Sir James Whitehead, 1st Baronet

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A caricature of Whitehead in Vanity Fair, 1889. The caption was "Bonnie Westmoreland".

Sir James Whitehead, 1st Baronet DL (2 March 1834 - 20 October 1917) was a British merchant and Liberal Party politician.

Early life[edit]

Whitehead was born at Bramhaw, near Sedbergh in Yorkshire. He was educated at the grammar school in Appleby-in-Westmorland (which became the current Appleby Grammar School), and was apprenticed as a draper in Kendal. He made his way to Bradford and then London, and married Mercy Mildred Hinds in 1860. He established a business on Gresham Street.

Civic service[edit]

Having made his fortune, he retired from business in 1881 and concentrated on civic service. He became Alderman for Cheap ward in the City of London in 1882. He was Master of the Worshipful Company of Fanmakers in 1884, served as Sheriff that year and was then elected Lord Mayor of London for 1888. He replaced the circus-like Lord Mayor's Show with a State Procession, and was arbitrator in the London Dock Strike of 1889. He also represented England at the Exposition Universelle in Paris in 1889. He was created a baronet on 26 November 1889, as Baronet Whitehead of Highfield House, Catford, then in Kent. He was appointed High Sheriff of the County of London for 1890.[1]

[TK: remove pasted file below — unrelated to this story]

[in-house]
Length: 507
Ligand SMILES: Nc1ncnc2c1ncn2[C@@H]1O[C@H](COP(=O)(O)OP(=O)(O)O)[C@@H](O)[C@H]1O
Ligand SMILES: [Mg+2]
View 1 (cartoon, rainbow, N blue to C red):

He also did charitable works. He erected a statue of Sir Rowland Hill in 1879, and established the Rowland Hill Benevolent Fund for aged and distressed Post Office workers. He also named his son Rowland. He was Chairman of the Visiting Justices of Holloway Prison, Visitor of the City of London Asylum at Stone, Buckinghamshire, a committee member of Christ's Hospital, a Governor of Queen Anne's Bounty, Lord Lieutenant for the City of London, and a Justice of the Peace in Westmorland and in Kent. He became an Honorary Visitor at Borstal Prison in 1898.

Parliamentary career[edit]

He stood for Parliament in the Appleby division of Westmorland in the general elections in 1885 and 1886. He was elected as a Member of Parliament (MP) for Leicester in the general election in 1892. He was a Liberal and supported William Ewart Gladstone. He was in favour of Irish home rule, reform of the House of Lords, and disestablishment of the Church of England. He served only two years as MP, resigning by becoming Steward of the Manor of Northstead in 1894.

He was also a Fellow of the Society of Antiquaries, the Royal Historical Society, the Royal Statistical Society, and a member of the International Peace Association and the Reform Club

His papers are held by the archives of the Houses of Parliament. The baronetcy has since passed down to Sir Phillip Whitehead, 6th Baronet.


  1. ^ "No. 26036". The London Gazette. 25 March 1890. p. 1781. 

External links[edit]

Parliament of the United Kingdom
Preceded by
Alexander McArthur
and James Allanson Picton
Member of Parliament for Leicester
With: James Allanson Picton
Succeeded by
Walter Hazell
and Henry Broadhurst
Civic offices
Preceded by
Sir Polydore de Keyser
Lord Mayor of London
1899 – 1889
Succeeded by
Sir Henry Isaacs
Honorary titles
Preceded by
Alfred de Rothschild
High Sheriff of the County of London
Succeeded by
Martin Smith